I’ve been reading a lot over the past couple of weeks because I was sick and spending large amounts of time lying down. However, I was also feeling very picky about what I wanted to read and that boiled down to: comics or adult fantasy.
- Thor: The Goddess of Thunder: I loved this. So much. My background here is that I haven’t read any of the original Thor (and am not planning to go back and try), so this relaunch was a perfect place to enter. I’m really intrigued by the premise and I loved the characters. In particular: FREYA. NEW THOR. OLD THOR. I also snickered over the “you mean she won’t be Lady Thor? Thoress? Lady Hammer Pants?” thread that runs through. At any rate, this is smart, engaging comic writing, with some nice visuals and a thoughtful approach to its source material. Sign me up!
- Captain Marvel: Higher, Further, Faster, More: I really like Captain Marvel. While the start of this collection was a little confusing to me (they’re doing a framing thing that maybe doesn’t entirely work?) I kept going and was rewarded with a story that delves a little deeper into the tensions and divisions that run through some of the characters we’ve already seen. Also, I love Chewie.
- The Wicked & the Divine: Fandemonium: I remain unsure about how I feel on this series. I wasn’t a big fan of the first volume but decided that I should give the second one a shot. And I did like it at least enough to read the third one! I think my main problem is pretty close to Jodie’s [spoilers at that link]: “Part of my disconnection with Laura’s feelings come from the fact that I’ve never felt like I would trade life for artistic immortality. However, I feel like the comic should still be able to make me understand her point of view or, at least, provide textual clues that can help me pinpoint what her views actually are.” At any rate, I will give the next volume a go and see what happens.
I also tried the first of the recent Catwoman comics but while I was really liking the story and characters, I hated the art to the extent that I didn’t actually finish it and doubt I’ll go on. Which makes me sad! But also: why, DC, why.
- The Mirador and Corambis by Sarah Monette: [mild spoilers!] Third and fourth of the Melusine books. I have so many emotions about Mildmay, and Felix, and Mehitabel, and Mildmay, and Kay, and Mildmay. I think Corambis is my favorite of the series because by the end of it I actually was hopeful that the main characters would eventually be okay. I think this starts in The Mirador, when we get glimpses of who Felix actually is when he’s not in crisis and get a sense of his kind of hard-won integrity. I’m not sure that’s exactly right? but close? He has no morals, but the morals he doesn’t have are on his own terms? Anyway, Corambis is both lovely and satisfying and SLIGHTLY FRUSTRATING because all of a sudden we leave the Mirador completely behind. I would really like to know what happens to Mehitabel! Also Simon & Ronaldo! Argh! Lastly, my ships in this series are really weird, AMA. (NOT Felix/Mildmay, though.)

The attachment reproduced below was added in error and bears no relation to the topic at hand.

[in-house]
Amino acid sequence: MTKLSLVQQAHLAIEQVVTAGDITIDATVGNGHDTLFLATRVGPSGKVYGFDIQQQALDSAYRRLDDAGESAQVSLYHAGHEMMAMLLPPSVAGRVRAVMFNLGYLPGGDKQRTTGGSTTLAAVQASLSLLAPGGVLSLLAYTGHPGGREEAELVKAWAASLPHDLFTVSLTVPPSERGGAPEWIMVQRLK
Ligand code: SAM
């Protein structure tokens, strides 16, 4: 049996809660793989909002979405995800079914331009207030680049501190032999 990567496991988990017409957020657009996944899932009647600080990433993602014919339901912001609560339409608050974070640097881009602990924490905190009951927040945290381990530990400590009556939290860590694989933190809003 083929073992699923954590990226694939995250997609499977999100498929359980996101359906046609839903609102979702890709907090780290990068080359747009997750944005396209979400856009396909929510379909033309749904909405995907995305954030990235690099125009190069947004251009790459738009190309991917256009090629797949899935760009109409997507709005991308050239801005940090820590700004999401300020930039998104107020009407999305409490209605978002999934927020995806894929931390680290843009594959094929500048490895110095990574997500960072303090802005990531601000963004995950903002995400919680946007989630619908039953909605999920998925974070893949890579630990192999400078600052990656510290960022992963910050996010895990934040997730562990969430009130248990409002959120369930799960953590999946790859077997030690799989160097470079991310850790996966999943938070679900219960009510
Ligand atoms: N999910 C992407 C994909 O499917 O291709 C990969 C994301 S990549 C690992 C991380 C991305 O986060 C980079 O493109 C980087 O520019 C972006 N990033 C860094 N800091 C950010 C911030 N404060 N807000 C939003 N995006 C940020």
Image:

- A Companion to Wolves, The Tempering of Men, An Apprentice to Elves by Sarah Monette and Elizabeth Bear: I glomped through this trilogy pretty quickly because I really wanted to know what happened. (How is Sarah Monette so good at writing heart-breaking characters? ow.) I loved the first book and felt that the second one was definitely a bridge book; the plot didn’t quite hold up to the weight of being its own book in my opinion. I did really like the third book, and I was happy to see Alfgyfa becoming a character in her own right! I think I wanted a bit more personal resolution for Isolfr, but overall this was an interesting, intense trilogy.
- Troubled Waters and Royal Airs by Sharon Shinn: I’m partway through the third book in this trilogy. The first book was a complete joy for me–I always want to like Shinn’s books just a little more than I do and Troubled Waters may well be the book that’s resonated the most for me. Royal Airs was just fine, an enjoyable read, but I wasn’t quite as invested in the characters. Overall, I find the idea of the blessings & personalities really fascinating and I absolutely recommend the first one! It would work just fine as a standalone if you wanted to go that route.
- The Cloud Roads by Martha Wells: The first Raksura book. I think I had read it several years ago, but I didn’t remember much about the plot or even characters. I thought I should reread it before going on to finish the series. I think the problem is simply that I don’t connect with this world in nearly the same way as I connected with the worlds of the Ile-Rien books. There’s no particular reason for this: Wells is a gifted writer and there are no problems here. It’s simply personal preference. I would like to read the rest of the series just so I’ve read all of her books, and also in case I connect more with a later book.